This past week Vail Resorts released an extensive plan for re-opening their resorts next winter. Last week’s edition of The Sheet had a rather vague and generalized article on Mammoth Mountain’s plan. But as we have seen just in the past few days, this is a very fluid situation. We have no idea where Mammoth will be in the coming months. No resort does. If there is snow and the lifts are turning, the crushing crowds of this summer may/will be back. I’m sure the Alterra people have been developing all sorts of ideas for re-opening. But many are likely to be wrong depending on conditions. And I know other individuals who are simply going to sit the season out. I don’t plan to be one. And there won’t be a single’s line waiting for me.
I ran across an interesting article from The Guardian titled How coronavirus is reshaping Europe’s tourism hotspots. Most of the heavily visited locations in Europe have been empty this summer. Quite different from Mammoth. But these are places that reached peak and overwhelming levels of tourism in the past few years, “not sustainable” as one quote reads. So Mammoth is not alone in questioning levels of tourism. One quote I liked, “Tourism will be completely different,” she said. “Not everyone will travel like they used to. And those who do travel may want to do so in a calmer way, maybe they will see less but enjoy the experience more.” Maybe that should be Mammoth’s tourism goal.
Besides the volume of sales in Snowcreek, there were three (3) closings in Mountainback. This is a little unusual. Mountainback is a large project but the units don’t necessarily turn over that often. And because it’s a “Canyon Lodge” location it is often considered a “winter sale”, but not this year, it selling in the summer. But units all around Canyon Lodge are currently selling.
The “groovy A-frame” home that sold just two years ago sold again for $811,000. The sellers paid $740,000 just two years ago. This is a beautifully renovated A-frame structure in the Hidden Valley subdivision. When the structure was built decades ago it looked out upon a large, dense forest. Today it looks right on the tee box of the 5th hole of the Sierra Star golf course.
The closing of two $2M+ homes during the period is telling. We’ll see if this trend continues.
Favorite New Listing for the Period
Is it ski season yet? This is a 2 bedroom / 2 bath condo at The Summit and it is a short, flat walk to Eagle Express. In an era of hassles just getting onto the Mountain, this solves the problem — just walk across the street. Upgraded kitchen and baths, lots of newer vinyl plank flooring and more. This has been a solid Airbnb rental. This location is close to the common area pool, spa and fitness room. Understructure parking. This building is in fantastic shape including new interior hallway paint and carpet and the exterior was just re-painted. The seller is not responding to offers until after Sept. 1 after the property is vacated by an extended-stay tenant.
Listed at $489,000
Other Real Estate News
Realtor® Magazine and NAR recently published an article “7 Client Behaviors Emerging From Covid-19.” This is based on NAR research and data. It is interesting to see how they apply to Mammoth.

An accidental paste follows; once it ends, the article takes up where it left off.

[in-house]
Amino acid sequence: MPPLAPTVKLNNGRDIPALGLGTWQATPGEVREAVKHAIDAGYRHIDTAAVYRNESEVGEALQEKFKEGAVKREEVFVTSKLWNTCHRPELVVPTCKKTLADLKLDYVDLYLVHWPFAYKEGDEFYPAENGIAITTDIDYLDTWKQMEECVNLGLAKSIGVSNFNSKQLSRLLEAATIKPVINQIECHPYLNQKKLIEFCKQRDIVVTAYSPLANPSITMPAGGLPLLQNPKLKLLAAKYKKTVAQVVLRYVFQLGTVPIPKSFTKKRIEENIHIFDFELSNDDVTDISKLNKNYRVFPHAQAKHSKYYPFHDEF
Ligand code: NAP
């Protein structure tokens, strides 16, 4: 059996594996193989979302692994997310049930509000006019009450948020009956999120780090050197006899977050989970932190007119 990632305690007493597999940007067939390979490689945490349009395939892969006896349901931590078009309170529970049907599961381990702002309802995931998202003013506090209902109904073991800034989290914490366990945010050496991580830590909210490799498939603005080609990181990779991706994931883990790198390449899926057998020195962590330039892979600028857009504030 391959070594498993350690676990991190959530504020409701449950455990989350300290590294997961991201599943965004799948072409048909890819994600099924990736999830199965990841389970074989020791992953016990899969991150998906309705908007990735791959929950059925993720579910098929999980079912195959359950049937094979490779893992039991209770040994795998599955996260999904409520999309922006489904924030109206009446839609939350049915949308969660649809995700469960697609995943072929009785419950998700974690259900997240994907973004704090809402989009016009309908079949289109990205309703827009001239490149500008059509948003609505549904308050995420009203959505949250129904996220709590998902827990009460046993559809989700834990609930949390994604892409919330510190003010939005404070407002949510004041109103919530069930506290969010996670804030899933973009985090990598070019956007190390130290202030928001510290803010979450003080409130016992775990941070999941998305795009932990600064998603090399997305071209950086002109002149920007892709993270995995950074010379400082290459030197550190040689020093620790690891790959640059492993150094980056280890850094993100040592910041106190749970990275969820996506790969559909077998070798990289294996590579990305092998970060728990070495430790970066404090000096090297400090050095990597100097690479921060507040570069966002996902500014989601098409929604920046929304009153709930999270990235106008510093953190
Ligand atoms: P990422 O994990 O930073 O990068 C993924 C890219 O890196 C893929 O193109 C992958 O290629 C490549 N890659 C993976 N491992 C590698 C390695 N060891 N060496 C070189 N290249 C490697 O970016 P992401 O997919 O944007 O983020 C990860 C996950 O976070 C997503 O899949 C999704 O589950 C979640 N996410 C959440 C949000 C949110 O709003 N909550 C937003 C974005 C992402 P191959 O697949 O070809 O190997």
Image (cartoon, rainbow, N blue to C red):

1.) Buyers are in a rush. According to the data, buyers are writing offers after looking at fewer than half the homes they looked at just a year ago. Homes are selling in an average of 24 days. In Mammoth, many buyers are in a rush but they are also waiting for good properties. These are mostly second homes but buyers right now want to secure a place and want to start using it. And buyers who have lost out on other properties are becoming increasingly antsy.
2.) Wish lists are shifting. In many residential areas buyers are looking for specific features; space for home office, home gym, more outdoor space., etc.. In Mammoth we are seeing many move-up buyers; existing homeowners looking for bigger places, room for family and friends, and maybe a home office.
3.) Buyers are less concerned about commutes. Between work-from-home and the push to suburbia….In Mammoth, I’m hearing fewer people concerned about the drive from SoCal to Mammoth or back. Especially if they can be in Mammoth for extended periods. It might become the new commute for some.
4.) Multigenerational households may grow more common. No doubt this is part of the move-up push here in Mammoth. Parents and grandparents need room for everybody and the home office and the Peloton. 5.) Pets could drive purchase decisions. The pandemic has apparently sparked a surge in households that want a pet. Fenced-in yards are very popular right now….In Mammoth I’ve been hearing this question plenty; does the HOA allow pets?
6.) A first time buyer wave could occur. Their data might point this way but I will believe it when I see it. Most of the buyers in Mammoth today are “Mammoth” people. They’ve been coming here for years. But I’m sure some are just showing up and buying because it isn’t a metropolis. When this becomes a “wave” in Mammoth, it could get more interesting than it is now.
7.) Housing tenure could fall. The NAR data shows owners are staying in their home an average of 10 years, up from the “traditional” six-year average. Hard to say how this will play in Mammoth. Several of my recent listings/sales the owners owned right around 10 years. My current buyers are definitely thinking long-term, until they decide to move-up to something larger. Thanks for reading! Stay healthy!
Thanks for reading! Please stay healthy.